Not a Mutt


Courtesy of Zoe Rodriguez

UNAPOLOGETIC: Stemming from mixed roots, Rodriguez is unashamed of her ancestry.

By Zoe Rodriguez

My mom used to call me a “mutt.” Like a dog.

She didn’t mean it to be demeaning. She just meant to say that I was mixed. She even called herself a “mutt.” But the difference between me and my mom is that my mom is mixed European. She’s Scottish, French and German.

By extension, I’m all of those things too, but I’m also half Mexican.

Now I know someone reading this is going to furrow their brow and look back at my picture in confusion. I would like to then direct this reader to my byline, which clearly spells out my last name, Rodriguez, or, in other words, the only visual proof I have of my ethnicity besides my eyebrows.

But back to my mom. Like I said, she meant no harm by calling me a “mutt.” But what happened as a result was that I struggle to this day to find and feel comfortable in my own ethnic identity. This is essentially because I never learned that being Mexican meant something different than being Scottish or German or French.

On the surface level, these are all the same. They are each a slice of the pie chart of my identity. Take out society and this model works. That’s how my mom always pictured it. She never really understood that no one can simply remove the societal connotation of who they come from.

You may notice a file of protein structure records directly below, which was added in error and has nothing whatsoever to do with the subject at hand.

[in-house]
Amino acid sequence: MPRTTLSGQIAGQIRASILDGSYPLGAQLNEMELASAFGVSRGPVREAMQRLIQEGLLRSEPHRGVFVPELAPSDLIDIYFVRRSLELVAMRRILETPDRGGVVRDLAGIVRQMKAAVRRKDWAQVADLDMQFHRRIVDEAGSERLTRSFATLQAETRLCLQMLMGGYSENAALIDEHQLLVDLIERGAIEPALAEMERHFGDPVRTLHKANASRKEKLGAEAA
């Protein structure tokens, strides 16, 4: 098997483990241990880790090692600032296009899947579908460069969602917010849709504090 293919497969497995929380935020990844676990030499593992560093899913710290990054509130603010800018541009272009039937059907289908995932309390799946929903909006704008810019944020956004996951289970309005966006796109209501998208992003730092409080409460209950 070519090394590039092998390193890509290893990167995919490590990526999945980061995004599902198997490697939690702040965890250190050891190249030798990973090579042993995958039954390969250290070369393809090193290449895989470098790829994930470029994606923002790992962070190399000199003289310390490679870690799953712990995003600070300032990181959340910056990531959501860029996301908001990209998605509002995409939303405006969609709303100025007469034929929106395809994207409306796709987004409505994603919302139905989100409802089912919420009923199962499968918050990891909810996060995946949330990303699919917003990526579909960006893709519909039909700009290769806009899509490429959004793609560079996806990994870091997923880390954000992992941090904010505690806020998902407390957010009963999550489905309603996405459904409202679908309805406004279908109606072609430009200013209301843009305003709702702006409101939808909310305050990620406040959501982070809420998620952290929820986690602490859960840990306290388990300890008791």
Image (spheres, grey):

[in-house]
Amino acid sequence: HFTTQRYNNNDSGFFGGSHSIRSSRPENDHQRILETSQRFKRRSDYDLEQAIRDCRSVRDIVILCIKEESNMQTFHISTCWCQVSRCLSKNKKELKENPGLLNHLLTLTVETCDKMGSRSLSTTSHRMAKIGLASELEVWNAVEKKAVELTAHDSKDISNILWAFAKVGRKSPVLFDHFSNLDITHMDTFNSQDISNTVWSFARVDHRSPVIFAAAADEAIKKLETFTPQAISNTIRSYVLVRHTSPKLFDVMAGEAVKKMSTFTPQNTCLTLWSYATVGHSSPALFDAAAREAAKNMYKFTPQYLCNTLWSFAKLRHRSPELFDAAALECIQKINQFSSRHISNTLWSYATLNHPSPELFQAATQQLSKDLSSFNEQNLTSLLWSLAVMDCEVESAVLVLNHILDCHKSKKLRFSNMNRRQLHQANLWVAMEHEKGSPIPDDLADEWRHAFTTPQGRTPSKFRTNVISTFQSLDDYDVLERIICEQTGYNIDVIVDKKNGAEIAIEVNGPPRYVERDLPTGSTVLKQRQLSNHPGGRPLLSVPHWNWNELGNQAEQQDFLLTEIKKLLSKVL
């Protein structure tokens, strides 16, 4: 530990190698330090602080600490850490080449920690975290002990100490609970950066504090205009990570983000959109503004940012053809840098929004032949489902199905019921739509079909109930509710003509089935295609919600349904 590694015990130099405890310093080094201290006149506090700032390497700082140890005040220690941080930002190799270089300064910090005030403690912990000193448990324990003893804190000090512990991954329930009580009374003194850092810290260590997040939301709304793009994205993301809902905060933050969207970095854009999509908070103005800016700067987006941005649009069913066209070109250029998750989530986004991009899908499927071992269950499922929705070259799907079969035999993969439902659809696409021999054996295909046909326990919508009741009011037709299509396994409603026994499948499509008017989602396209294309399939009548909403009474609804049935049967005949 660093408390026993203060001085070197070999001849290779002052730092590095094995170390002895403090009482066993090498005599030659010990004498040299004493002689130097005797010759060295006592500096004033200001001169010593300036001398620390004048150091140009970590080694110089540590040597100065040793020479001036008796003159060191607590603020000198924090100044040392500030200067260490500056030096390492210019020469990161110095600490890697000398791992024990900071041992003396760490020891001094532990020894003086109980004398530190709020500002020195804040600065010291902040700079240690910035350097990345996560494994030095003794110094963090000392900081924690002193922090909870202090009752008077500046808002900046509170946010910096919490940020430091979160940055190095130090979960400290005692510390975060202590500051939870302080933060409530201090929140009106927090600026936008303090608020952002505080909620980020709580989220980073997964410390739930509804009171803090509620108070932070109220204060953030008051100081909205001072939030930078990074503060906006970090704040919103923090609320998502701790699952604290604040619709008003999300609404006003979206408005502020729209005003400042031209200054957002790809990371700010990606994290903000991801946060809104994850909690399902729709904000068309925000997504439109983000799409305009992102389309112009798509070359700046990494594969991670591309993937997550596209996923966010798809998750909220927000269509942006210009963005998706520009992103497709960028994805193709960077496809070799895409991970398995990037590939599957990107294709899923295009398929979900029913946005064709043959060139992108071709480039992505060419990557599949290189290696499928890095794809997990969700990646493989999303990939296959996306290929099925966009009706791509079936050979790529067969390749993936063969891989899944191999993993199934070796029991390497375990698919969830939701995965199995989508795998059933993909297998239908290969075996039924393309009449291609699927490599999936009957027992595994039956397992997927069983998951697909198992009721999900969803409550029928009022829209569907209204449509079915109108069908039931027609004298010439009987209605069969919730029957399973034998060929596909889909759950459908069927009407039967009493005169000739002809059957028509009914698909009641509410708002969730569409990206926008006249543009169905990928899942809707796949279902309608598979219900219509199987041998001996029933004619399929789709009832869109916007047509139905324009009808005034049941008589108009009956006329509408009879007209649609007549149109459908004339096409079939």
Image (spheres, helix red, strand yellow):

But in reality, there is no way to escape the hateful rhetoric that condemns Mexicans as worthless. There is no way to ignore the fact that Hispanics make up 18.1 percent of the total U.S. population and yet a quarter of Ivy League Schools have Hispanic populations below 10 percent. Being Scottish does not mean that my racial group is underrepresented in higher education, one of the few opportunities that has been shown to be a socioeconomic equalizer.

Even my (Mexican) grandparents knew this. They were both born and raised in America and received no more than an elementary school education. My grandmother learned to drive at 40 just to take my dad to private schools so that he could get the education they were denied. Through their hard work and relentless determination, they have allowed my brother and I to have opportunities in life they only dreamed of. To say that I am simply white is to say that their sacrifice, their achievement of the American Dream, is lost forever because their descendants happen to look a little different.

I may never have a good answer to the dreaded “What are you” question. But one thing I know is that I am not a “mutt.” I am not some designer dog breed that was genetically crafted to, as my friend likes to say, “be the perfect balance of ‘non-threatening white girl’ and ‘able to check the Hispanic/Latino/a box.’” I am white. I am hispanic. I am mixed. What exactly that means to me depends on the day. But I don’t know who I would be if I never had to figure it out. And honestly, I wouldn’t want to.